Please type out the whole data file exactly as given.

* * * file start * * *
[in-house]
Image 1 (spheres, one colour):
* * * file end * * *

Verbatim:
[in-house]
Image 1 (spheres, one colour):